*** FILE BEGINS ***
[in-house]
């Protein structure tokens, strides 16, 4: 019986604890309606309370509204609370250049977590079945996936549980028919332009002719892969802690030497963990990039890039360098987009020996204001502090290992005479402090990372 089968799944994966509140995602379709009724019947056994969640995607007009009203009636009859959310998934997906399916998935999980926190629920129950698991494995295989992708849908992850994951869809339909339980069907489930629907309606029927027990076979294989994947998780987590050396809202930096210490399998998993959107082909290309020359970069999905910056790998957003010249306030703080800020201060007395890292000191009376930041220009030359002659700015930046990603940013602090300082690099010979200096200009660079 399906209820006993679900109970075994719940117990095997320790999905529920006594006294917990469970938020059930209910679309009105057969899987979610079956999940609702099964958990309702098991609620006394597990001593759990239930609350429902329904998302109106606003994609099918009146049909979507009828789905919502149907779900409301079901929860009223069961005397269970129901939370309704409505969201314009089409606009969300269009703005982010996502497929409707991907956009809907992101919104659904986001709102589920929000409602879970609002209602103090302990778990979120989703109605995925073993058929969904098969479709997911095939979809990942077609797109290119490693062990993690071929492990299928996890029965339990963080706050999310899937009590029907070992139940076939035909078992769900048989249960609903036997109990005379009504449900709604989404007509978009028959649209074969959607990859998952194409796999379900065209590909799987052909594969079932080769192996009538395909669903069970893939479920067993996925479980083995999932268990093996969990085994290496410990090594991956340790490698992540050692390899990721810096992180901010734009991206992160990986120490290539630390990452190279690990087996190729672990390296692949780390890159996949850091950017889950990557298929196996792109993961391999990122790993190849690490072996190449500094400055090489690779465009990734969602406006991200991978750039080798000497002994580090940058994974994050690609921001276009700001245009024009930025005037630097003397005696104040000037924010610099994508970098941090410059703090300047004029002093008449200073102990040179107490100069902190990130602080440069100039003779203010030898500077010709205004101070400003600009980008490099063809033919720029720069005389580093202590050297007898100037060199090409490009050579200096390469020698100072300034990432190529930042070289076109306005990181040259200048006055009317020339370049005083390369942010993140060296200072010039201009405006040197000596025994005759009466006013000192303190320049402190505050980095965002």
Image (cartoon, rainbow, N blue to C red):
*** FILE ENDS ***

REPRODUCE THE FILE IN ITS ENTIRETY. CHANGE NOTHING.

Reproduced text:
[in-house]
């Protein structure tokens, strides 16, 4: 019986604890309606309370509204609370250049977590079945996936549980028919332009002719892969802690030497963990990039890039360098987009020996204001502090290992005479402090990372 089968799944994966509140995602379709009724019947056994969640995607007009009203009636009859959310998934997906399916998935999980926190629920129950698991494995295989992708849908992850994951869809339909339980069907489930629907309606029927027990076979294989994947998780987590050396809202930096210490399998998993959107082909290309020359970069999905910056790998957003010249306030703080800020201060007395890292000191009376930041220009030359002659700015930046990603940013602090300082690099010979200096200009660079 399906209820006993679900109970075994719940117990095997320790999905529920006594006294917990469970938020059930209910679309009105057969899987979610079956999940609702099964958990309702098991609620006394597990001593759990239930609350429902329904998302109106606003994609099918009146049909979507009828789905919502149907779900409301079901929860009223069961005397269970129901939370309704409505969201314009089409606009969300269009703005982010996502497929409707991907956009809907992101919104659904986001709102589920929000409602879970609002209602103090302990778990979120989703109605995925073993058929969904098969479709997911095939979809990942077609797109290119490693062990993690071929492990299928996890029965339990963080706050999310899937009590029907070992139940076939035909078992769900048989249960609903036997109990005379009504449900709604989404007509978009028959649209074969959607990859998952194409796999379900065209590909799987052909594969079932080769192996009538395909669903069970893939479920067993996925479980083995999932268990093996969990085994290496410990090594991956340790490698992540050692390899990721810096992180901010734009991206992160990986120490290539630390990452190279690990087996190729672990390296692949780390890159996949850091950017889950990557298929196996792109993961391999990122790993190849690490072996190449500094400055090489690779465009990734969602406006991200991978750039080798000497002994580090940058994974994050690609921001276009700001245009024009930025005037630097003397005696104040000037924010610099994508970098941090410059703090300047004029002093008449200073102990040179107490100069902190990130602080440069100039003779203010030898500077010709205004101070400003600009980008490099063809033919720029720069005389580093202590050297007898100037060199090409490009050579200096390469020698100072300034990432190529930042070289076109306005990181040259200048006055009317020339370049005083390369942010993140060296200072010039201009405006040197000596025994005759009466006013000192303190320049402190505050980095965002």
Image (cartoon, rainbow, N blue to C red):